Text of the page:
Student showcases black culture through hip-hop choreography

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Photo Credit: Alexander Thompson | Daily Texan Staff

Many people can twirl en pointe or do pirouettes, but Jordyn Marsh is one of the few who can do them in stilettos.

The dance senior leads a group called Black Fine Artist, BFA, which performs its choreography to hip-hop music. She said she particularly enjoys displaying her acrobatic moves for UT’s black community.

“We enjoy our culture (and) doing what we do,” Marsh said. “In my dance, they pull from the aesthetic of cool … you’re working hard, but you don’t show it in your face.”

Moving in heels to the rhythm of artists such as Rihanna, Beyonce and SZA, Marsh is the architect of most of BFA’s routines. Over a week ago, BFA performed in “Culture Shock: A Showcase of Black Talent” at Hogg Auditorium. 

Public relations junior Giovanni Gutierrez attended BFA’s performance and said he was stunned.

“They really showed their creativity and their talent,” Gutierrez said. 

Marsh said dancing in heels is intended for general entertainment, but there is a stronger sense of comfort when her group performs in front of a predominately black audience. 

“(We’re) more comfortable doing it in the black community because I think one of the aspects of being African-American is that we accept sensuality, but also know that it doesn’t define who we are,” Marsh said. “We’re women with curves, and it’s totally fine to be like, ‘Hey, look at me, but don’t touch me.’”

For Marsh, dance is more than a display of vigorous athleticism — it’s a form of self-expression.

“One of the reasons why I love dance is you can be whoever you want to be,” Marsh said. “I’m just tragic at all other art forms, so if I tried to express myself through them, the message would not be perceived.”

Hip-hop music is also integral to the group’s art, Marsh said. She added that the genre plays an important historical role, not only in dance but also in black culture.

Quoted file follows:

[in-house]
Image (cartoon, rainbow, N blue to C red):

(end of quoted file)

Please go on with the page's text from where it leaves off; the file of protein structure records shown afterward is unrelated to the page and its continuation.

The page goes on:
“The background in which hip-hop was created was in an apartment,” Marsh said. “Just a couple of black people hanging out because, at the time, it was all disco music.”

In 1973, at an apartment in West Bronx, New York City, Jamaican immigrant Clive Campbell was celebrating and spinning records for his sister’s birthday. He noticed the crowd would anticipate sections of the record, waiting to bust a move. He would switch between turntables to give them more opportunities by extending the drum breaks. 

This technique, music historians say, gave birth to hip-hop. Campbell would later become known as DJ Kool Herc for sharing his innovation.

“(Historically), hip-hop was made for black people and to express black voices,” Marsh said. “Obviously, it’s transitioned, and it’s become so large that it’s opened up to multiple voices, like Eminem.”

Marsh said if people wish to grow more familiar with black culture, they should go beyond watching dance groups like hers and attending hip-hop concerts.

“The best way, honestly, to get involved in black culture is, for one, just talk to black people,” Marsh said. From classmates to co-workers, Marsh said there is always an opportunity for interaction. 

“We all love our culture and want to share it with the world,” Marsh said. “Half the time, our culture is already embedded within it.”